Eric Utne helps urbanites connect with nature through his urban almanac.
“It’s wonderful to make pilgrimages to wild places, but we can connect with nature from the heart of Manhattan as well.”—Eric Utne
Eric Utne, founder and longtime editor of Utne magazine, set out to create a modern-day answer to Ben Franklin’s 1733 Poor Richard’s Almanack. The result? A delightful compendium of tips and tools to help us slow down and connect with nature and ourselves.
Soon after a four-day fast in California’s Death Valley, Eric Utne found himself standing on a busy street corner in Manhattan. Catching sight of the full moon cresting over the Chrysler Building, he realized that despite the concrete, skyscrapers, and crowds that “we are always in nature, wherever we are.”
Back to Nature
From Utne’s epiphany came Cosmo Doogood's Urban Almanac: Celebrating Nature and Her Rhythms in the City (Cosmo’s Urban Almanac, 2006). Like Franklin’s book, the Urban Almanac includes weather forecasts. It also offers regional field guides to metropolitan flora and fauna, seasonal meditations and poems, lunar charts, and pointers to “urban sanctuaries” in cities across America, such as Walden Pond in Concord, Massachusetts.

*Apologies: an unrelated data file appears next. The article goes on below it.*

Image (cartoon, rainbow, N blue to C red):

Doogood for the Plane
Through his almanac, Utne (AKA: Cosmo Doogood) intends to help people slow down and connect with the natural world. “In urban life, much conspires to separate us from nature and each other,” he says. “When we open our eyes to nature in the city, we realize it’s around us and in us. Ultimately, I hope that by deepening our sense of nature’s rhythms—the phases of the moon, the migrating songbirds that alight on our windowsills—we’ll become better caretakers of the planet, each other, and ourselves.”
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